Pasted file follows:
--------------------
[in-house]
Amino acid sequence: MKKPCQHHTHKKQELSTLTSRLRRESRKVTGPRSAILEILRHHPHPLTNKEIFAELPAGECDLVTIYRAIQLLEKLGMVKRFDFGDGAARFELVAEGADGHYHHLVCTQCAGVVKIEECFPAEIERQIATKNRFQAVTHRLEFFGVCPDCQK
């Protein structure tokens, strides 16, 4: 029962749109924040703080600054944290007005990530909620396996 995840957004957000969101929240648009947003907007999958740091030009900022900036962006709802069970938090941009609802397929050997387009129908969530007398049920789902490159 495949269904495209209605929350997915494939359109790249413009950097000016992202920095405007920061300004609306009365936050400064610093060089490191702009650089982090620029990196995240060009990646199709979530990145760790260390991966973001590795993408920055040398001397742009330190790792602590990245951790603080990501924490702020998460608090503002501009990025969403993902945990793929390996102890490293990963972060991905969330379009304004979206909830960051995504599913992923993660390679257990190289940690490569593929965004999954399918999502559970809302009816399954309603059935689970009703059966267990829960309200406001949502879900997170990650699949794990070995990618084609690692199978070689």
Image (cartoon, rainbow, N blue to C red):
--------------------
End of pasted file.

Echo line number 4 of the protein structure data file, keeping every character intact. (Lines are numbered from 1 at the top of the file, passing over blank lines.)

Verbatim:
Image (cartoon, rainbow, N blue to C red):